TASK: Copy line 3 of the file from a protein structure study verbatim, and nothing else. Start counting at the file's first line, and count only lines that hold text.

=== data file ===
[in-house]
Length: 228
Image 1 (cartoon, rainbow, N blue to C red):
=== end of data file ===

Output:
Image 1 (cartoon, rainbow, N blue to C red):